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http://dx.doi.org/10.1016/j.celrep.2017.12.061DOI Listing
January 2018

Lung tissue gene-expression signature for the ageing lung in COPD.

Thorax 2017 Dec 6. Epub 2017 Dec 6.

University of Groningen, University Medical Center Groningen, Department of Pathology and Medical Biology, Groningen, The Netherlands.

Introduction: COPD is a chronic, progressive, inflammatory disease of the lungs and the third leading cause of death worldwide. The current knowledge of the pathophysiology of COPD is limited and novel insights in underlying disease mechanisms are urgently needed. Since there are clear parallels between ageing and COPD, we investigated genes underlying lung ageing in general and abnormal lung ageing in COPD.

Methods: Whole genome mRNA profiling was performed on lung tissue samples (n=1197) and differential gene expression with increasing age was analysed using an adjusted linear regression model. Subsequent pathway analysis was performed using GeneNetwork and the gene-expression signature was compared with lung ageing in the Genotype-Tissue Expression (GTEx) project. In a subset of patients with COPD (n=311) and non-COPD controls (n=270), we performed an interaction analysis between age and COPD to identify genes differentially expressed with age in COPD compared with controls, followed by gene set enrichment pathway analysis.

Results: We identified a strong gene-expression signature for lung ageing with 3509 differentially expressed genes, of which 33.5% were found nominal significant in the GTEx project. Interestingly, we found as a strong candidate gene for lung ageing. The age*COPD interaction analysis revealed 69 genes significantly differentially expressed with age between COPD and controls.

Conclusions: Our study indicates that processes related to lung development, cell-cell contacts, calcium signalling and immune responses are involved in lung ageing in general. Pathways related to extracellular matrix, mammalian target of rapamycin signalling, splicing of introns and exons and the ribosome complex are proposed to be involved in abnormal lung ageing in COPD.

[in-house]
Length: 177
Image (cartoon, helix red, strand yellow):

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http://dx.doi.org/10.1136/thoraxjnl-2017-210074DOI Listing
December 2017

Unmasking Transcriptional Heterogeneity in Senescent Cells.

Curr Biol 2017 Sep 30;27(17):2652-2660.e4. Epub 2017 Aug 30.

European Research Institute for the Biology of Aging, University of Groningen, University Medical Center Groningen, Antonius Deusinglaan 1, 9713 AV Groningen, the Netherlands. Electronic address:

Cellular senescence is a state of irreversibly arrested proliferation, often induced by genotoxic stress [1]. Senescent cells participate in a variety of physiological and pathological conditions, including tumor suppression [2], embryonic development [3, 4], tissue repair [5-8], and organismal aging [9]. The senescence program is variably characterized by several non-exclusive markers, including constitutive DNA damage response (DDR) signaling, senescence-associated β-galactosidase (SA-βgal) activity, increased expression of the cyclin-dependent kinase (CDK) inhibitors p16INK4A (CDKN2A) and p21CIP1 (CDKN1A), increased secretion of many bio-active factors (the senescence-associated secretory phenotype, or SASP), and reduced expression of the nuclear lamina protein LaminB1 (LMNB1) [1]. Many senescence-associated markers result from altered transcription, but the senescent phenotype is variable, and methods for clearly identifying senescent cells are lacking [10]. Here, we characterize the heterogeneity of the senescence program using numerous whole-transcriptome datasets generated by us or publicly available. We identify transcriptome signatures associated with specific senescence-inducing stresses or senescent cell types and identify and validate genes that are commonly differentially regulated. We also show that the senescent phenotype is dynamic, changing at varying intervals after senescence induction. Identifying novel transcriptome signatures to detect any type of senescent cell or to discriminate among diverse senescence programs is an attractive strategy for determining the diverse biological roles of senescent cells and developing specific drug targets.
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http://dx.doi.org/10.1016/j.cub.2017.07.033DOI Listing
http://www.ncbi.nlm.nih.gov/pmc/articles/PMC5788810PMC
September 2017

Combating a Global Threat to a Clonal Crop: Banana Black Sigatoka Pathogen Pseudocercospora fijiensis (Synonym Mycosphaerella fijiensis) Genomes Reveal Clues for Disease Control.

PLoS Genet 2016 08 11;12(8):e1005876. Epub 2016 Aug 11.

Plant Research International, Wageningen University and Research, Wageningen, The Netherlands.